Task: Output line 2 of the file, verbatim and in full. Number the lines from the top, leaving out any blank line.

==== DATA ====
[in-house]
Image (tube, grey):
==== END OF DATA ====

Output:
Image (tube, grey):